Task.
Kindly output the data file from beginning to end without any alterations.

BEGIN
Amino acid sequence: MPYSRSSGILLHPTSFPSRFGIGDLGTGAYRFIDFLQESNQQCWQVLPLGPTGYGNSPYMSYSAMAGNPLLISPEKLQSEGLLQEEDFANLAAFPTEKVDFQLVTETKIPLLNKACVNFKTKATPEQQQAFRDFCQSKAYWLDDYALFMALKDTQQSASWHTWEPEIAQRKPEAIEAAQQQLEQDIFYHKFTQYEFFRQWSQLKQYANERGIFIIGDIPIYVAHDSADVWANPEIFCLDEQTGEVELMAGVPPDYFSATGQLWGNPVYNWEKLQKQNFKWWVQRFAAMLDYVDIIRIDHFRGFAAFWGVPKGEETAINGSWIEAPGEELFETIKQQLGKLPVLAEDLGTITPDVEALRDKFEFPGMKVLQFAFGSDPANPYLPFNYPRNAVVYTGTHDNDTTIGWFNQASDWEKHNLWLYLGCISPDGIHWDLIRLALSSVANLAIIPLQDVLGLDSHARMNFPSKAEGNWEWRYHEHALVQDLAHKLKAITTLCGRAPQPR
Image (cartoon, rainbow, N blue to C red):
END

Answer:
Amino acid sequence: MPYSRSSGILLHPTSFPSRFGIGDLGTGAYRFIDFLQESNQQCWQVLPLGPTGYGNSPYMSYSAMAGNPLLISPEKLQSEGLLQEEDFANLAAFPTEKVDFQLVTETKIPLLNKACVNFKTKATPEQQQAFRDFCQSKAYWLDDYALFMALKDTQQSASWHTWEPEIAQRKPEAIEAAQQQLEQDIFYHKFTQYEFFRQWSQLKQYANERGIFIIGDIPIYVAHDSADVWANPEIFCLDEQTGEVELMAGVPPDYFSATGQLWGNPVYNWEKLQKQNFKWWVQRFAAMLDYVDIIRIDHFRGFAAFWGVPKGEETAINGSWIEAPGEELFETIKQQLGKLPVLAEDLGTITPDVEALRDKFEFPGMKVLQFAFGSDPANPYLPFNYPRNAVVYTGTHDNDTTIGWFNQASDWEKHNLWLYLGCISPDGIHWDLIRLALSSVANLAIIPLQDVLGLDSHARMNFPSKAEGNWEWRYHEHALVQDLAHKLKAITTLCGRAPQPR
Image (cartoon, rainbow, N blue to C red):